The overall percentage of grafts recovered after transplantation of cryptorchid testes was 77.8%, and 11.9% of them contained no tubules (Fig. 2, Table 1). The histologic appearance of the grafts at 1, 2, and 3 months after grafting was similar, with nearly 50% degenerated tubules, 30% Sertoli cells only tubules, and 15% tubules showing germ cells. At 3 months after grafting, spermatogenesis had progressed through meiosis, and round and elongated spermatids were present (Figs. 2 and 3B, Table 1).
      In mice injected with 5 mg acyline/kg, spermatogenesis was not completely suppressed, and elongated spermatids were found in 76.9% of tubules (Fig. 2, Table 1). However, testis weight was significantly lower than in controls (mean 74.8 mg ± 0.9 vs. 145.5 mg ± 3.3 in controls, P<.001). Testes from mice treated with 10 mg acyline/kg were the smallest of all treatments groups (mean 7.9 mg ± 0.5, P<.001), they contained no elongated spermatids, and 13.6% of tubules contained round spermatids as the most advanced germ cell (Fig. 2, Table 1). The percentage of recovered grafts in mice carrying low-dose acyline–treated tissue (72.2%) was not statistically different from the control, but graft recovery was higher in mice with grafts from donors treated with high-dose acyline (88.9%; P<.05). Although 12.5% of recovered grafts from donor mice injected with 5 mg acyline/kg were degenerated, for donor mice treated with 10 mg acyline/kg only 5.4% of all recovered grafts were degenerated (Fig. 2, Table 1).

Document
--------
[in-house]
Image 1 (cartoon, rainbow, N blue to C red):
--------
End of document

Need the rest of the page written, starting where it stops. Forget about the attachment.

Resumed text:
Grafts from donor mice treated with low-dose acyline contained more than 60% degenerated tubules at all time points (Fig. 2, Table 1). At 1 and 2 months after grafting, some survival and differentiation of germ cells had occurred, and elongated spermatids were present. However, at 3 months after grafting more than 85% of tubules were degenerated, although some round spermatids were still observed (Figs. 2 and 3C, Table 1).
      Grafts from donor mice injected with high-dose acyline contained fewer than 40% degenerated tubules (Fig. 2, Table 1). Round spermatids were present at 1 month after grafting, and spermatogenesis progressed over time with an increased percentage of tubules with postmeiotic germ cells (Figs. 2 and 3D, Table 1). Dilated tubules, defined as tubules in which the lumen occupies the majority of the cross-sectional area and the germinal epithelium is reduced, were observed at 3 months after grafting, as was previously found in grafts from immature mouse testis (
      • Schlatt S.
      • Honaramooz A.
      • Boinai M.
      • Schöler H.R.
      • Dobrinski I.
      Progeny from sperm obtained after ectopic grafting of neonatal mouse testes.
      ) (Fig. 2, Table 1).

       Analysis of Seminal Vesicle Weight

      Testosterone secretion was estimated according to the weight of the seminal vesicles. There were no statistical differences in seminal vesicle weight between time points for any treatment, or between treatments at any time point, except in mice with grafts treated with high doses of acyline, in which seminal vesicle weight was higher at 3 months than at 1 month after grafting (195.4 ± 35.0 mg at 3 months vs. 50.6 ± 22.8 mg at 1 month, respectively; P<.05).